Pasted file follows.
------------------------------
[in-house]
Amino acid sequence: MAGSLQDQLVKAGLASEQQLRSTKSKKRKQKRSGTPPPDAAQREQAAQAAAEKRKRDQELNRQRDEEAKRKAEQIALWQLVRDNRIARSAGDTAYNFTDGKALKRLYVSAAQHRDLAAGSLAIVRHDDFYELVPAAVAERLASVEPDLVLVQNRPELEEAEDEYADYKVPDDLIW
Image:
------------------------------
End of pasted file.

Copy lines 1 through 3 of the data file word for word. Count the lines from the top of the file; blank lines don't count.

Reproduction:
[in-house]
Amino acid sequence: MAGSLQDQLVKAGLASEQQLRSTKSKKRKQKRSGTPPPDAAQREQAAQAAAEKRKRDQELNRQRDEEAKRKAEQIALWQLVRDNRIARSAGDTAYNFTDGKALKRLYVSAAQHRDLAAGSLAIVRHDDFYELVPAAVAERLASVEPDLVLVQNRPELEEAEDEYADYKVPDDLIW
Image: